We've gotten into a discussion on one of my groups about formulaic writing for the market. So, my question is; as an author, is this something that you would consider doing, simply to get your books in print and your name out there?
Personally, for me, the answer is no. I can't see the wisdom of writing for the market. Why? Look at it this way, say I finish my Vampire novel and get a contract for it. Okay, great, vampire novels are big right now. But, my contract specifically states that the release date for my book will be late summer of 2009. Okay, great, I have an almost three year wait for my book to be released.
Comes late summer of 2009 and the market has changed at least three times, and guess what, vampires are out, werewolves are in. So, I waited three years for a book to be released that most likely won't sell a sozen copies. So, why write for the market?
It's a good idea IF you can get your book out there in a timely fashion while your subject matter is still hot, but given the time frame of the NY publishing houses, timeliness is not going to be factor.
So, what do you? Self publish? Oh no, I mean why attach that stigma to your work? Why indeed. Because at least you get your book on the shelf while your subject matter is still hot, and hot generally equals sales, right? Right! Even if you go the vanity press route, you have a book out there that fits very nicely with the market and you're going to get sales, regardless of who published it.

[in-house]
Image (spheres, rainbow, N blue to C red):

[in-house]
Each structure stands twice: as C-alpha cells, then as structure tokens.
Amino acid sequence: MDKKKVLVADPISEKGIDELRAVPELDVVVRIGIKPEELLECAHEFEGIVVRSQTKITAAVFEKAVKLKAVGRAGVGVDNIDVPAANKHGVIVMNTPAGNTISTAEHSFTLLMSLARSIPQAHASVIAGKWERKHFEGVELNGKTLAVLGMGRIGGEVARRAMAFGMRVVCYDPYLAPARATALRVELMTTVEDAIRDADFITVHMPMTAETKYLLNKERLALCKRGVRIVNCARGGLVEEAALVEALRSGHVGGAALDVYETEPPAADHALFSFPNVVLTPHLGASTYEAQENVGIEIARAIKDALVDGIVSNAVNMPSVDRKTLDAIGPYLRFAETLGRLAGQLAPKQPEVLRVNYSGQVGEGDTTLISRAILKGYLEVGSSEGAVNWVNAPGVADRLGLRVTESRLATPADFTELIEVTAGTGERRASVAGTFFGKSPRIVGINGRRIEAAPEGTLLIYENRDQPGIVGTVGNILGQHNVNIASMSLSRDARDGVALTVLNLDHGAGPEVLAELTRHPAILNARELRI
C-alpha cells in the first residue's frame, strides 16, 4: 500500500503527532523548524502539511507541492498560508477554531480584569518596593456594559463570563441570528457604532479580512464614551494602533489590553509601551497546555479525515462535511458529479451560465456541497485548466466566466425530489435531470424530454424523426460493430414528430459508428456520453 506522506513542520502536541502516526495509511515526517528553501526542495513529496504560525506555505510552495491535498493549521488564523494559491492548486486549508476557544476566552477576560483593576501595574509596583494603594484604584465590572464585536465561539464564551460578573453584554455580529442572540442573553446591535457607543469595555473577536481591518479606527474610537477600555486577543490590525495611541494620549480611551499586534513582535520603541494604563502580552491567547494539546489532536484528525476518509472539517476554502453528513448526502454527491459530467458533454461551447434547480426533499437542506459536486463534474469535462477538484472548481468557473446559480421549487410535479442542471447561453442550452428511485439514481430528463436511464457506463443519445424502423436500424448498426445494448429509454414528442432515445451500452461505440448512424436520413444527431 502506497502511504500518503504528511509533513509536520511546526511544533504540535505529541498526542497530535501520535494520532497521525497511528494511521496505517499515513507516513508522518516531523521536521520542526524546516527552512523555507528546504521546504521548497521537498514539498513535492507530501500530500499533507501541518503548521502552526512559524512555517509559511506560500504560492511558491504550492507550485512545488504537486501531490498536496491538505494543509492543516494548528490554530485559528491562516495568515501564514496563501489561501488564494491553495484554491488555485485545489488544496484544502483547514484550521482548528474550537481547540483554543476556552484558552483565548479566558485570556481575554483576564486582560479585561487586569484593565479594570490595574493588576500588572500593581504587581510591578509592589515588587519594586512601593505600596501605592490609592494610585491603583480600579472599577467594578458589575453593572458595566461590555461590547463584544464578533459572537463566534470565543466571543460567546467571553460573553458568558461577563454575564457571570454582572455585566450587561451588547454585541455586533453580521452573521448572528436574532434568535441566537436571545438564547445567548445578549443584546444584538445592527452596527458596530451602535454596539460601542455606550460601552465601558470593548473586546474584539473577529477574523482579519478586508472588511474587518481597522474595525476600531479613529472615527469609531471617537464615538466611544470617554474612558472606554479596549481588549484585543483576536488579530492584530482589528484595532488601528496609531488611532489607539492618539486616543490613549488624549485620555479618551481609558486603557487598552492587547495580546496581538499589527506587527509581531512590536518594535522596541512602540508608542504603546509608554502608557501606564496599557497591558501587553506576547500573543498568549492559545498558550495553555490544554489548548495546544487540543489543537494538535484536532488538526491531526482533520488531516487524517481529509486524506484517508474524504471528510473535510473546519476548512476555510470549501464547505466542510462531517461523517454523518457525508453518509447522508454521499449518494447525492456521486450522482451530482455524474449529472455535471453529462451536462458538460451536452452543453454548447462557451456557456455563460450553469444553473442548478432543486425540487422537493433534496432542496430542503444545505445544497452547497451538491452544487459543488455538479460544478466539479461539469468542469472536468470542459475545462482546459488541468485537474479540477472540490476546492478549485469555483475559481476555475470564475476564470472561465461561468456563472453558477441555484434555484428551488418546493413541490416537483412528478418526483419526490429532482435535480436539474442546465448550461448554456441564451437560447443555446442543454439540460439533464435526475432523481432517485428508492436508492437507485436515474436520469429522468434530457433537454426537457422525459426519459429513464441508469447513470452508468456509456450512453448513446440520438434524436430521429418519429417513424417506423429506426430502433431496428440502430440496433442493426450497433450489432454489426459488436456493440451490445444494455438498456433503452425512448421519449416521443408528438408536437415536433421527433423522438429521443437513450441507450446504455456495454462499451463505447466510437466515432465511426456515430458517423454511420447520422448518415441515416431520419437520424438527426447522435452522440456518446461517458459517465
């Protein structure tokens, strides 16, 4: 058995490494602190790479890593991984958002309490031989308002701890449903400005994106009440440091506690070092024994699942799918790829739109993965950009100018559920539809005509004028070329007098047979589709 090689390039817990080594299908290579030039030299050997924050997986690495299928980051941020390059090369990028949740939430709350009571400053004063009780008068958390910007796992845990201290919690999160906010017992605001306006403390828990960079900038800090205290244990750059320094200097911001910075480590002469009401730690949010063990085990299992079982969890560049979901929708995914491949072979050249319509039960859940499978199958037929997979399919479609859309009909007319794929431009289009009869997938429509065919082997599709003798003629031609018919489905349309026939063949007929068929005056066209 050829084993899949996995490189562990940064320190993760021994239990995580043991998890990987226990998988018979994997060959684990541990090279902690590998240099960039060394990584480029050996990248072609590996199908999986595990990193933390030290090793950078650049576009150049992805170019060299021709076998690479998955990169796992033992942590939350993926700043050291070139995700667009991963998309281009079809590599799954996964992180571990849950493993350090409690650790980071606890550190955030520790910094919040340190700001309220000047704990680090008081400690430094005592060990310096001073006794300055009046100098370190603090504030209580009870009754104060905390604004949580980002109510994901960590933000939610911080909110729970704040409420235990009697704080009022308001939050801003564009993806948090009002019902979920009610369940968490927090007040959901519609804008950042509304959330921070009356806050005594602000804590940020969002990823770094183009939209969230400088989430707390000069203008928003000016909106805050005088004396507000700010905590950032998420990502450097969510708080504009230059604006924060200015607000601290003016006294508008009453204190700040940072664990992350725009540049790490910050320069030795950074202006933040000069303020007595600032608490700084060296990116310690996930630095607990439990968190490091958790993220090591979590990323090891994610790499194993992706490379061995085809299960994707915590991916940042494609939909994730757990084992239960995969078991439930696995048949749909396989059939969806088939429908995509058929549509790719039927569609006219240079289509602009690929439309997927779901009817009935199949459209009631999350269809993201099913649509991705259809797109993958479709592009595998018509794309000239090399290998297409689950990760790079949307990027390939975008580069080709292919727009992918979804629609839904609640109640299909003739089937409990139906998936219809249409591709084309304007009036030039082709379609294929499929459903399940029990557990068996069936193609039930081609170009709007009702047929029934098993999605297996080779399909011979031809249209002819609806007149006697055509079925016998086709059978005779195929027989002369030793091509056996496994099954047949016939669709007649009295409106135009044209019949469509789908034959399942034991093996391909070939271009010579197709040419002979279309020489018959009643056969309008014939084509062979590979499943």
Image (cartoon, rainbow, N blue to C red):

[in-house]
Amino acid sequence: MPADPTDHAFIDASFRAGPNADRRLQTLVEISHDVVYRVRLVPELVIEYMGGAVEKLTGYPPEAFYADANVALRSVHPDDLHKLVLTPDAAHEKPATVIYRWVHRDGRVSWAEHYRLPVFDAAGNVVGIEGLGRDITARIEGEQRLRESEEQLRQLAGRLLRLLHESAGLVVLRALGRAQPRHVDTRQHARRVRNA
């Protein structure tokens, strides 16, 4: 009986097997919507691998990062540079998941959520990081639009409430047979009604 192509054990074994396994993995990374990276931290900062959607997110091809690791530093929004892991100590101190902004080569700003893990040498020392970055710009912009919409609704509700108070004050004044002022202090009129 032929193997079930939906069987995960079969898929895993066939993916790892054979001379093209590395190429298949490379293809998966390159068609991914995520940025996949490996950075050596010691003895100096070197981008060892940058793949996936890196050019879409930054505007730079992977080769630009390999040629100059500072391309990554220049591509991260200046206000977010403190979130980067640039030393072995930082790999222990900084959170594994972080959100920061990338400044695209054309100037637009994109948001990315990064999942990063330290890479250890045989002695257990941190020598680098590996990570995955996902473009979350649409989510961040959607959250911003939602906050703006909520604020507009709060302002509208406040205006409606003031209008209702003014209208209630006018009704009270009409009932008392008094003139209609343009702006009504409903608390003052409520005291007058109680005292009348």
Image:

I mean really, for the most part, readers could care less who the publisher of a book is as long as the book is a good read. So, that so called stigma that has firmly attached itself to self-publishing is really imaginary.
The only real problem with self-publishing is that ridiculous no return policy, and some of the better vanity presses have deleted their no return policy in order to generate more sales.
If you insist on being a market writer, then in order to keep up with the current trends, why wouldn't vanity presses be the chosen route? I don't get it.
For a long time I was firmly against self-publishing, because in my mind, an author who self published just wasn't good enough hot be picked up by a major house. That was my feeling, but I have since learned that is not always the case.
A couple of cases in point, Natalie R Collins and James Conroyd Martin, both vanity press published and both picked up by a major house, with the same vanity press published books! And why? Because they were that damn good.
And there are other authors of note, nameable Janet Elaine Smith, who have chosen to reject that NY contract in favor of maintaining control over their work and not signing it away to a major house.
Janet has upwards of twenty books she has self published, and been offered contracts for a few of them, but she's turned them down because she wants to hold the rights to her work, and lets face it, who among us does not?
So, having totally veered off course here, I just wonder if writing strictly for the market is the best way to go? What are your thoughts?
Have a great day!